24 Hours in Porto

24 Hours in Porto

Porto, Lisbon’s seriously enchanting second city, is currently sitting at a magical confluence: it flies just far enough under the radar that it still feels local and traditional, but is popular enough to have an exciting buzz of activity everywhere you look. On top of that, its compact size is conducive to a whistle-stop city break – but do be warned: your quads will need a good bout of rest after hitting those hills. From breakfast on the iconic riverside promenade to dinner in the historic neighbourhood of Gaia, we’ve got you covered for how to spend an epic 24 hours in Porto.


  1. Early Morning
  2. Late Morning
  3. Lunchtime
  4. Afternoon
  5. Evening


Early Morning

Breakfast on the Ribeira Waterfront

Okay, I know we said Porto isn’t too touristy (and it isn’t compared to Lisbon) but you’re still in one of Portugal’s most iconic cities, so waking up early to beat the crowds to the must-visit sites is essential. This is why our 24 hours in Porto starts bright and early with breakfast in the city’s most popular neighbourhood: Ribeira. Start in the main square of Praça de Ribeira to admire the quintessential pastel-coloured townhouses before taking a stroll down Cais de Ribeira, the postcard-perfect riverfront promenade. Here you’ll find a dizzying array of terraced cafes from which you can admire the hum of morning activity that surrounds you – captains setting up their barcos rabelos (flat-bottomed boats), hard-working locals organising their warehouses and wine-makers bringing their precious produce into the city across the huge Dom Luís I Bridge. Most cafes along the promenade are of the more traditional variety, so make sure to tuck into their specialities – a warm ham and cheese croissant, milky coffee and freshly-squeezed orange juice is the local go-to breakfast. For an extra indulgent breakfast make sure to ask for a pastel de nata (a small custard tart) on the side.


Late Morning

Sightseeing in the Old Town

Once you’ve filled up on local delicacies, it’s time to tick off some of the city’s top sites. And luckily, the vast majority of historic gems are concentrated right where you are in beautiful Ribeira. From the waterfront, you can wind your way up the hill to the seriously grand Palácio de Bolsa (the Stock Exchange Palace), the ancient Sé do Porto (Porto Cathedral) and São Bento Station, which is undeniably the most beautiful in Portugal with its quintessential blue-and-white, hand-illustrated tiled murals that depict the nation’s history. If you keep heading up the hill, you’ll soon reach Livraria Lello, a bookstore whose antique winding staircases and ornate ceilings were said to have inspired J.K. Rowling’s vision of Hogwarts. From here you can enjoy a leisurely walk back down the hill to start your next adventure: riding the tram. Hop on to Line 1 at the Infante station, in front of the São Francisco Church, and trundle your way along the azure coastline to the neighbourhood of Foz do Douro, which sits at the confluence of the Douro River and the Atlantic Ocean.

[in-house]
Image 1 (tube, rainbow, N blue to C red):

Enjoy a Long Lunch in Foz do Douro

Formerly a small fishing town disconnected from the hustle and bustle of Porto, Foz do Douro has since transformed into one of the city’s most affluent neighbourhoods, complete with sandy beaches, stylish restaurants and buzzing bars. The beachside avenue of Avenida do Brasil is the centre of all the action and the perfect place to settle in for a long, lazy lunch with views of the crashing waves. Make sure to opt for some classic seafood – be that tuna tartare at Cafeína, traditional grilled cod at Casa Vasco or ultra-fresh sashimi at Wish Restaurant. Walk off your meal with a stroll down the seafront, dipping your toes into the salty shore, before hopping back onto the tram and enjoying the coastal views on the way back to central Porto.



Explore Lesser-Known Porto with a Local

By the afternoon, you’ll have already admired the oldest, most historic parts of the city, making it high time to check out Porto’s lesser-known neighbourhoods. And what better way to do so than with one of our know-how local guides? The walk is fuss-free and spontaneous, meaning you can go wherever the wind blows you. We’d recommend a stroll through the overlapping neighbourhoods of Cedofeita (known for its street art) and Miragaia (a medieval Jewish Quarter) enjoying life as a local. Browse for one-of-a-kind pieces of artwork, snap shots of unimaginably skinny alleys bordered by emblematic houses and round off your afternoon with another glass of wine in one of the many traditional tascas (taverns).



Wine and Dine in Vila Nova de Gaia

Once you’re at the bridge you’re just a ten-minute walk across the river to the charming neighbourhood of Vila Nova de Gaia (or simply ‘Gaia’) – the city’s historic linchpin of port-wine production. The riverside promenade is home to a great mixture of wining and dining options, as are the picturesque, cobbled streets climbing up the hillside. The star of the show is certainly the Yeatman, a two-star Michelin restaurant which aims to showcase Portugal’s diversity of produce and regional specialities. It also has a rooftop terrace with panoramic views across the river to Ribeira. Once your full to the brim on the finest local delicacies, it’s time to close out your epic 24 hours in Porto in true Portuguese fashion: catching a spot of live fado back in Ribeira, a Portuguese style of music that’s centres around melancholic stories of life, love and loss.